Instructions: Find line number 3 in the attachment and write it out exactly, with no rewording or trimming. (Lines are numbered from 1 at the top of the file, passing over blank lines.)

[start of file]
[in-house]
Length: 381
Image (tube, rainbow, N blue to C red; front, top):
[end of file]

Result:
Image (tube, rainbow, N blue to C red; front, top):